The United States has been unwilling to repatriate the Uighurs to their native China, because China regards the men as terrorist suspects and might prosecute or even execute them. China protested sharply when five Uighur detainees were released to Albania in 2006, and the Chinese government has worked to dissuade other countries from accepting the remaining Uighur detainees.

Bermuda is a British territory with a high degree of autonomy, but British officials expressed displeasure at the Bermudan government's decision to accept the Uighurs.

A Foreign Office spokeswoman in London told The Associated Press that although Bermuda considered the case to be a matter of "internal immigration," Britain should have been consulted.

Britain was among about 100 countries that reportedly declined to accept the Uighur detainees. Unlike Britain, tiny Palau has little reason to fear China's anger. Palau does not have diplomatic relations with the People's Republic of China. It is one of only 23 nations that recognize Taiwan as the sole legitimate government for the whole of China.

Some In Palau Uneasy

But the prospect of accepting Guantanamo detainees has raised fears in Palau as well. The AP quotes islanders as saying they are concerned that the detainees might be dangerous and worried that their presence could harm the island's vital tourism industry.

Sarah Mendelson, a human rights expert at the Center for Strategic and International Studies in Washington, D.C., says she is disappointed in what appears to be a piecemeal approach to the releases.

"It is important when you consider the fate of 17 individuals who've been held for years without charge — people even the Bush administration wanted to release," Mendelson says.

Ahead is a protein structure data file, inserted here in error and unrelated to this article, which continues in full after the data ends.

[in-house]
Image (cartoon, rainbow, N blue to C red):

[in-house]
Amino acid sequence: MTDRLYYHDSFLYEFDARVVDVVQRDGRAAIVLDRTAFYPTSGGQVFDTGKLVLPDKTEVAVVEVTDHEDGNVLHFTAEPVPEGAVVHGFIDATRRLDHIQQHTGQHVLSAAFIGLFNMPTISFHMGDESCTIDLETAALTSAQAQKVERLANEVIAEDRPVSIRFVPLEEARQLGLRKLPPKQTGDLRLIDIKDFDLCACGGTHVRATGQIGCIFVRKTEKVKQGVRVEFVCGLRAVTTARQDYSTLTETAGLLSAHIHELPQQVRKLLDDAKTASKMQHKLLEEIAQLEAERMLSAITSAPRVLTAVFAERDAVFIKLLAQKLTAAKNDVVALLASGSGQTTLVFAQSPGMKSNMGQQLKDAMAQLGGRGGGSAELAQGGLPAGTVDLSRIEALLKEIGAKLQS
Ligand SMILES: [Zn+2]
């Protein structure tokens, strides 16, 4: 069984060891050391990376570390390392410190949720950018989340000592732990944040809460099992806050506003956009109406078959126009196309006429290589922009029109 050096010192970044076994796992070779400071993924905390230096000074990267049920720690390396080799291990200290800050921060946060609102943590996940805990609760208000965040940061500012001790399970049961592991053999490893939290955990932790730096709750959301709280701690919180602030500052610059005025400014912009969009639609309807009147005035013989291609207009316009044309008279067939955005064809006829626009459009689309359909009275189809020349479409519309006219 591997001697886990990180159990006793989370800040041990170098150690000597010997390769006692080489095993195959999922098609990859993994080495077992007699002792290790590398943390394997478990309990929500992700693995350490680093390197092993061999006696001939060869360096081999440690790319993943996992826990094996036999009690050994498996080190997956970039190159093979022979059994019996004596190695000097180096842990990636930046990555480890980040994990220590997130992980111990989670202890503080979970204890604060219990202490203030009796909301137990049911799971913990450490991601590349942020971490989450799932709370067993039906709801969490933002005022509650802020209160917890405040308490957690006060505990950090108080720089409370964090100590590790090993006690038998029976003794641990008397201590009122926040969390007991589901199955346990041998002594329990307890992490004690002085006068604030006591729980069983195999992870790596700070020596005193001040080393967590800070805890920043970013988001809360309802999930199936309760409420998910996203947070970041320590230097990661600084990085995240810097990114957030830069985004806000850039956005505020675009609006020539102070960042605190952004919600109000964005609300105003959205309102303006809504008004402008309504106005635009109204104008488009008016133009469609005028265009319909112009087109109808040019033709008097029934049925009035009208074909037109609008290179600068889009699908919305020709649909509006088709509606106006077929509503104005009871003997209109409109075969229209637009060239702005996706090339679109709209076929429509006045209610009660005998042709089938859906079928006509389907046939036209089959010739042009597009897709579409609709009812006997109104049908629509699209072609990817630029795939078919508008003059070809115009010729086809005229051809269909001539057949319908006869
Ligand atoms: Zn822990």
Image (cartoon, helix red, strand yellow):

"But the fact that they're sending the — quote — 'easy ones' to Bermuda and maybe Palau suggests that the U.S. is not going to be accepting any [of the other Guantanamo inmates]."

Mendelson led a study last year recommending that Guantanamo be closed and that the fate of detainees there be decided by a commission. At that point, she says, U.S. allies wanted to help by taking detainees, "but that was contingent on the idea that the U.S. would also take some."

Mendelson faults the reaction in Congress. Republicans accused the Obama administration of bringing "terrorists" to the U.S., and Democrats voted to deny funding for the closure.

"We got into this situation because Congress whipped up a lot of fear about this," she says, "and it seems the Obama administration didn't have a legislative strategy."

U.S. officials sent two other detainees, an Iraqi and a Chadian, to their home countries this week.

Released Uighurs Face A Mixed Future

Meanwhile, Willett says he is thrilled that four of the Uighurs have found refuge. Speaking by telephone from Bermuda, Willett said the move will allow the men to start new lives.

"Three of these men are bachelors," he said. "They'll have a chance to meet people and start over." Willett says a fourth detainee, Hozaifa Parhat, told his wife to divorce him when he believed he would never get out of Guantanamo. The divorce took place, says Willett, but now Parhat "desperately misses his 10-year-old son."

Willett says the men in Bermuda should be better off than two of his clients who were among the five sent to Albania in 2006. One of those men was unhappy there and eventually found asylum in Sweden, while the other remains in Albania. "They really miss their families who are stuck in China," Willett says.

Soon after their arrival in Bermuda, Willett says the Uighurs celebrated with a call to their friends in Albania. The attorney says he is hoping that the publicity of the release will show the American public that the detainees are normal human beings.

What we're hoping is that people will meet these guys and put a face on them, and that we as a nation will start to feel somewhat embarrassed for being afraid of them."